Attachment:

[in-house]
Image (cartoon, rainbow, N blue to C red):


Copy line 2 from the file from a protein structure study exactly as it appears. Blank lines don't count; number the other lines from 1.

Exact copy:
Image (cartoon, rainbow, N blue to C red):